Spill the Truth: What if the situation gets worse?

Spill the Truth: What if the situation gets worse?

Write a killer resume

The bad news: Crises happen. The good news: About 80 percent of the issues and objections that people can throw at you in any given business crisis can be foreseen.

That’s what my experience with many companies, including 3M and Carlson, has taught me: 80 percent of crises result from downsizings, product/service mishaps and all the “what ifs” we constantly fear, but rarely plan for.

In the middle of a business crisis, no one wants to be caught without some valid talking points, right? So where and when do you start to craft them?

As a leader, you need to develop and practice your worst-case scenario responses now so you will know what to say—at least 80 percent of the time! And you won’t have to reinvent your message wheel if the situation resurfaces or something similar occurs in the future. All you’ll have to do is modify the existing language.

Here are a few common scenarios you can draw from to help you communicate effectively:

  • Dealing with an unwarranted refund request? Put the responsibility of follow-through back on the client with a response like this: “I know it’s difficult to put your confidence in another designer especially when the end product is so important. That’s why I continued making edits beyond my standard two rounds. I want you to be happy with the work I’ve done. However, outside of revising the assets, and because of the discount I already extended, I’m not willing to offer a refund. If you’re open to another round of edits, just let me know.”
  • Got a skeleton in your closet? Pronounce your turnaround publicly: “Eight years ago, a health issue prompted us to make a difficult financial decision, one that we never anticipated having to make—bankruptcy. While I cannot say I’m happy that it happened—it was hard on our employees and their families, and I will always regret that—I can tell you the experience, while trying, served as a great lesson in how to manage business in a worst-case scenario environment. I’m thrilled to report that as a result we have built a new business that’s not only debt-free, but also operating with a surplus.”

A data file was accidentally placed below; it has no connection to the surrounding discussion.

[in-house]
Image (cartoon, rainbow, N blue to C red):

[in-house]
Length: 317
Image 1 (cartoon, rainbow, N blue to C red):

• Can’t get collected? Send a proactive email that says, “You may not be aware that you have an outstanding balance of $1,540.00, which is overdue. I know you will want to get this corrected right away, so I’ll have my operations manager give you a call in the next few days to discuss. In the meantime, if you have any questions, please don’t hesitate to contact me. Thank you for your continued business.”

Before you act . . .
If things are going well for you, take advantage of the moment by thinking ahead: Use this crisis-free time to craft and rehearse the right messages for every imaginable bad-news situation—before you need them.

What are other bad-news scenarios that could put your reputation at risk? Comment below.

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